How to Become a Professional Pilot

How to Become a Professional Pilot

By on Apr 20th 2016

You might have heard that there's a professional pilot shortage in the aviation industry.

You also might have heard there is no shortage.


There's a bit of ambiguity on the subject, and even the U.S. Government Accountability Office (GAO) confesses that there is -mixed evidence regarding the extent of a shortage of airline pilots,- however they also report (as of February 2014), -regional airlines have reported difficulties finding sufficient numbers of qualified pilots over the past year.-

And shortage builds demand, right? Which means you should hop in your plane right now and go get your pilot's license, right?

At least that's what Forbes seems to suggest. Forbes reports that the current industry situation -can only yield about two-thirds of the pilots the U.S. will need in the next 20 years.- So... onward and upward?

I suggest you consider holding on to your aviators for the time being, at least if you're unfamiliar with the protocols for being a professional pilot, because it's far more complicated (and expensive) than simply earning a private pilot certificate (which is simply step one).

Becoming a commercial pilot

If you choose the path to becoming a commercial pilot, you can expect a highly time-consuming process; the process of becoming a professional pilot includes but is not limited to academic instruction, flight experience, various certifications, and working your way up to being a commercial pilot. You won't start off your career piloting Boeing 747s internationally.

Time is definitely a huge factor here, especially flight time.

In the past, co-pilots only needed a commercial pilot certificate with 250 hours of flight time to fly for U.S. passenger and cargo airlines. As of 2013, however, the Federal Aviation Administration (FAA) changed the qualification rules, requiring co-pilots to hold an Airline Transport Pilot (ATP) certificate and 1,500 hours' total time as pilot. The rule further requires pilots to log 1,000 hours as co-pilot. These changes occurred, in part, as response to the tragic crash of Colgan Air 3407 in February 2009.

Setting a minimum flight requirement for commercial pilots makes sense to prevent inexperience from leading to catastrophe-however, the new regulations call for 6 times as many hours. And maybe the time wouldn't be such a huge factor in deterring would-be pilots if the cost wasn't so astronomical-and if there was (literally) a more lucrative payout for choosing this path.

Now that attending (and paying for) Flight School doesn't provide enough hours of experience, pilots in training need to compensate for the loss on their own time, likely out of pocket. According to Mashable, -the flight time can cost more than $100 an hour.-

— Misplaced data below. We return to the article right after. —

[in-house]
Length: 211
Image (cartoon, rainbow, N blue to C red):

Assuming a student finishes college with a license and 300 hours of flight time, they will still need to find time (and money) to get those 1,200 more hours. And factoring the cost per hour (whatever it is) -it's not super compelling.

If someone spends $100,000 (or more) on their education, you would expect the payoff to be so worth it come employment time; however, the starting salary for beginner pilots is only around $20,000 a year, which is hardly a means to pay off student loan debt. And while the job can pay upwards of six figures-those jobs are few and far in between.

So what are the other options?

Traditionally, the military provided the means for many individuals to become pilots and eventually moving on to become commercial pilots after their military commitment has ended; however, the use of drones likely impacts the number of pilots currently needed.

Another more recent option comes in the form of Gateway Select: JetBlue's new pilot training program. The program doesn't require any flight experience and takes four years to complete. Once the program is complete, pilots will have their necessary 1,500 flight hours and could wind up flying passenger jets. The kicker? The program will cost $125,000, and it doesn't seem like there is a guarantee of passing, nor is it likely that those who wish to quit would get any of their money back.

Warren Christie, the senior vice president of safety, security, and training at JetBlue says that the Gateway Select program is an -opportunity to create the best pilot training program in the U.S. while also removing some of the economic and social barriers so that those with the natural aptitude can pursue their dream.-

Oh yeah. Pocket change.

So what's a wannabe pilot supposed to do if they can't cough up $100,000 or more to potentially someday be a commercial pilot, and a stint in the military just isn't your thing? That's a great question. Perhaps a compromise will lower the FAA regulations to a more manageable number, or maybe there will someday be more ways to offset the financial burden of eligibility. For those truly dedicated, if there's a will, there's a way (and maybe cross your fingers for a large inheritance to come your way in the near future).

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